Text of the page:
Anise hyssop is a large perennial plant, a member of the mint family, with showy purple spikes that attract bees in abundance. The flavor and aroma are definitely licorice. The leaves are good for teas or garnishes.
• More detailed information can be found in The Georgia Fruit & Vegetable Book
by Walter Reeves and Felder Rushing
• See also Home Garden Anise hyssop
WHEN TO PLANT
Finding started plants at garden centers is difficult, so you will need to grow your own if you prefer to set out transplants. Start anise hyssop indoors under lights in late winter. Then set out plants or sow seed when the danger of a freeze has passed and the soil has warmed.
WHERE TO PLANT
Locate these large plants in the garden where they will not shade out smaller plants and where they can be left undisturbed. Anise hyssop prefers well-prepared, moist soil in a sunny spot.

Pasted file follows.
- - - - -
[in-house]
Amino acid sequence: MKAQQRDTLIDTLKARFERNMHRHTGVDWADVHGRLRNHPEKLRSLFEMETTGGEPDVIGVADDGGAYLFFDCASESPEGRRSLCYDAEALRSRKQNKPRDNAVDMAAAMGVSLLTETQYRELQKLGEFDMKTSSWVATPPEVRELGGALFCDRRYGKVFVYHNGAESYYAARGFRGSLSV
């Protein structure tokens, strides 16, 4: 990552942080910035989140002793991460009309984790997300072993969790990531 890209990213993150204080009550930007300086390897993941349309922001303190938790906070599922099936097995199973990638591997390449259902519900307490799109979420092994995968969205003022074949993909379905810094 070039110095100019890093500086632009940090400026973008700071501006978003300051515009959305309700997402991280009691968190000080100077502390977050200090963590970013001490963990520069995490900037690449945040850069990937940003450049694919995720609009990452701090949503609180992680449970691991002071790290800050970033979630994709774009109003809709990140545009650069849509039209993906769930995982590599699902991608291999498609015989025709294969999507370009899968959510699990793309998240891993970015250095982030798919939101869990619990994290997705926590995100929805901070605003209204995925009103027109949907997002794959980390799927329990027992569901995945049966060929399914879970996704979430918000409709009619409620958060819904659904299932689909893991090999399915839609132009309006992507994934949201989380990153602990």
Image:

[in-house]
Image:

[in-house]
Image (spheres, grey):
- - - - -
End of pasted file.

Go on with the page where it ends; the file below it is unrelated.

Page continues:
HOW TO PLANT
Prepare the soil. For transplants, set them into the garden after the latest date of last frost, spacing the plants 2 feet apart in each direction. For seed, sow it 1/4 inch deep directly in the garden in hills 2 feet apart in each direction or down the row, then thin to 1 plant per hill when the seedlings are big enough to handle.
CARE AND MAINTENANCE
The plants will bloom until frost if the spent flowers are removed. Leaving a few flowers to mature will allow the plants to reseed themselves, which is especially helpful where winterkill occurs.
Harvest leaves when the plants are well established and use the leaves fresh or dried. Remove flowers to become garnishes or to create bouquets. Anise hyssop is very attractive to honeybees, which make anise-flavored honey from the nectar. Bees attracted to the anise hyssop will stay around to pollinate other garden plants, too, such as the vine crops, which require bees for good production.